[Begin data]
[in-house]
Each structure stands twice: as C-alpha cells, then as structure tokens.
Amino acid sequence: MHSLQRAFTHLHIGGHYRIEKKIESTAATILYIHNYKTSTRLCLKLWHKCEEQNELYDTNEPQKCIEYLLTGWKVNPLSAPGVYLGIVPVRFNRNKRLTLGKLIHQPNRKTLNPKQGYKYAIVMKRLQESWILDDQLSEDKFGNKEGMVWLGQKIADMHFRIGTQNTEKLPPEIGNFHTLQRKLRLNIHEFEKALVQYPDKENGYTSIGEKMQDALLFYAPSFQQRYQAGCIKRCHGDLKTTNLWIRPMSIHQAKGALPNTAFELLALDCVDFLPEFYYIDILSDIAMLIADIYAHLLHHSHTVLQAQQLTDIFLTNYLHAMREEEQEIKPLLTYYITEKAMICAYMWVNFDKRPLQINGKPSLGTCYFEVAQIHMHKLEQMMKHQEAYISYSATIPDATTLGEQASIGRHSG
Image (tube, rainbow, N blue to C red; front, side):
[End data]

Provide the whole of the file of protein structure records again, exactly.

[in-house]
Each structure stands twice: as C-alpha cells, then as structure tokens.
Amino acid sequence: MHSLQRAFTHLHIGGHYRIEKKIESTAATILYIHNYKTSTRLCLKLWHKCEEQNELYDTNEPQKCIEYLLTGWKVNPLSAPGVYLGIVPVRFNRNKRLTLGKLIHQPNRKTLNPKQGYKYAIVMKRLQESWILDDQLSEDKFGNKEGMVWLGQKIADMHFRIGTQNTEKLPPEIGNFHTLQRKLRLNIHEFEKALVQYPDKENGYTSIGEKMQDALLFYAPSFQQRYQAGCIKRCHGDLKTTNLWIRPMSIHQAKGALPNTAFELLALDCVDFLPEFYYIDILSDIAMLIADIYAHLLHHSHTVLQAQQLTDIFLTNYLHAMREEEQEIKPLLTYYITEKAMICAYMWVNFDKRPLQINGKPSLGTCYFEVAQIHMHKLEQMMKHQEAYISYSATIPDATTLGEQASIGRHSG
Image (tube, rainbow, N blue to C red; front, side):